Evolution of an Amazonian fish is driven by allopatric divergence rather than ecological divergence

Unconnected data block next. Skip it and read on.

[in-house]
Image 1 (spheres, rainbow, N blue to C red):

Lowland central Amazonia is characterized by heterogeneous riverscapes dominated by two chemically divergent water types: black (ion-poor, rich in dissolved organic carbonate and acidic) and white (rich in nutrient and turbid) waters. Recent phylogeographic and genomic studies have associated the ecotone formed by these environments to an ecologically driven genetic divergence between fish present in both water types. With the objective of better understanding the evolutionary forces behind the central Amazonian Teleostean diversification, we sampled 240 Mesonauta festivus from 12 sites on a wide area of the Amazonian basin. These sites included three confluences of black and white water environments to seek for repeated evidences of ecological divergence at the junction of these ecotones. Results obtained through our genetic assessment based on 41,268 SNPs contrast with previous findings and support a low influence of diverging water physicochemical characteristics on the genetic structuration of M. festivus populations. Conversely, we detected patterns of isolation by downstream water current and evidence of past events of vicariance potentially linked to the Amazon River formation. Using a combination of population genetics, phylogeographic analysis and environmental association models, we decomposed the spatial and environmental genetic variances to assess which evolutionary forces shaped inter-population differences in M. festivus’ genome. Our sampling design, comprising three confluences of black and white water rivers, supports the main role of evolution by allopatry. While an ecologically driven evolution admittedly played a role in Amazonian fish diversification, we argue that neutral evolutionary processes explain most of the divergence between M. festivus populations.